Wednesday, January 20, 2010

The Science Behind Poaching an Egg

(via Tastespotting)

Poached eggs are delicious – at least I think so. I suspect that a number of other people do, as well, yet they remain relatively unpopular when compared to other methods of egg preparation. This may be because oftentimes the result of boiling an egg without its shell resembles Egg-drop soup more than Eggs Benedict.

Science to the rescue! Actually, poaching an egg is not that difficult, especially if you think a little bit about what’s going on inside your pot. With a little bit of know-how behind you, preparing perfect poached eggs, without space-hogging and expensive unitaskers, is no problem.

What’s going on when you cook an egg? The answer is all about proteins. Egg whites are made of proteins and water. Proteins themselves are large (macro) molecules that consist of long chains of smaller molecules called amino acids folded up into complex structures. When proteins are subjected to heat, they denature, that is, the chains unfold and lose their structure. This often causes the proteins to lose solubility (they can no longer be dissolved in liquid). In the case of ovalbumin, the main protein component of egg whites, this causes the egg white to solidify and look white and cooked. The key to perfect poached eggs is to have this happen as fast as possible when cooking the egg, before the egg white has a chance dissipate into the water in the pot.

How to do this? Well, it has been shown that ovalbumin is more easily denatured at acidic pH1. This is the science behind why vinegar is often added to egg poaching water. This recipe outlines the basic approach I take. A simple experiment shows that adding 1 tsp. (4.9 mL) of white vinegar (5% acetic acid v/v) in 2 quarts of NYC tap water (1.9L) changes the pH from 6.75 to 3.43 at room temperature (25C) (Remember that pH 7 is neutral, lower pH is acidic, and higher pH is basic or alkaline). At a simmer (95C), the pH of tap water is changed from 6.84 to 3.87. This more acidic pH, combined with the heat of simmering water, rapidly denatures the ovalbumin in the egg whites, creating a coating of cooked egg that the interior of the egg is trapped in while cooking. This prevents the egg from falling apart and the result is a perfectly poached egg.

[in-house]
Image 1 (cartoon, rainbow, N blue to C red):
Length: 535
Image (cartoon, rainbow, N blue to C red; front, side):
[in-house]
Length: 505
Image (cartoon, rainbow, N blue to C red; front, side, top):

Poached Egg Protocol:

Materials: 1-4 fresh eggs (egg white proteins break down over time, resulting in a runnier white that spreads out more in the pot), 2qt or larger pot, small bowl, white vinegar, slotted spoon, paper towel

  • Bring ~2qt. water to a low simmer (NOT a vigorous boil) and add 1 tsp. white vinegar.

  • Crack one egg into a small bowl before sliding it into the simmering water so as not to break up the egg on it’s way into the water.

  • Repeat for subsequent eggs, spacing eggs out from each other so that they heat quickly and evenly and don’t stick together.

  • Cook eggs 2-3 minutes (or until desired done-ness level). Eggs will continue to cook as long as they are hot, so expect them to cook a little more after they have been removed from the pot.

  • Evacuate eggs to a paper towel on a plate using a slotted spoon.

  • Bon Appetit!

1Koseki et al. Conformational Changes in Ovalbumin at Acid pH. J Biochem.1988; 103: 425-430


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